The Key to Objectivity

In my previous entry, I attempts to define “objective” and “subjective” using the dictionary, as this would convey the common meaning of those words.

I defined objective knowledge as “unbiased knowledge about the world around us” and subjective knowledge as “that which exists in the mind and pertains to the one who holds the knowledge.”

The problems with these definitions are as follows:

1. All knowledge exists in the mind.

2. It is not clear that unbiased knowledge exists, and even if it did, it would constitute a tiny fraction of our knowledge.

3. Whether or not knowledge is biased is not relevant to its validity. If I hated cats, for example, that would not invalidate my subjective claim that cats tend to scratch up furniture.

4. Subjective claims are often about the world around us. For example, if I claimed that President Bush was the worst president in US history, this is a truth claim about President Bush and US history.

So we need something better that these dictionary definitions. Let me thus propose something that George Cooper offered on the ASA list:

Could we not simplify define “objective” as being that which can be measured by all parties who should obtain the same result given an appropriate range of accuracy?

Measurement is thus the key to objective knowledge. And it has to be a form of measurement whereby everyone would get basically the same result. And this explains why we tend to associate science with objectivity, as science is built around instruments that measure as part of an experimental design.

4 responses to “The Key to Objectivity

  1. What about books, DVDs and other media? Don’t they contain knowledge?

  2. I think objective knowledge existed before we were able to measure it: there were facts about the world that everyone agree were true, even thought there was no way of measuring those factrs.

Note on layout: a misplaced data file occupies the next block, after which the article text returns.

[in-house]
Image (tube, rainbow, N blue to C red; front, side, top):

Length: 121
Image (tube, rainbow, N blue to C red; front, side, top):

I’m guessing that it was with the invention of the number system, including “0,” that the ability to measure — in other words to more accurately quantify some of our objective knowledge — that the “hard” sciences of physics and chemistry became possible.

    But just as you pointed out that it wouldn’t be difficult to find a physicist who denies that sociology is a science, you could find many sociologists who would claim that it was. So I think we should stick with the traditional distinction between “hard” science and “soft” science. “Soft” sciences would be the ones where the ability to measure is still difficult to do. However, people could still agree about many of the objective facts in those disciplines.

  3. Helio George

    I like the use of “soft” and “hard” sciences since it presents a sense of which sciences benefit more or less from the potential availability of objective evidence.

    The harder the better, but limits abound. 🙂

  4. Pingback: Taking the Measurement of Objective Knowledge - Telic Thoughts

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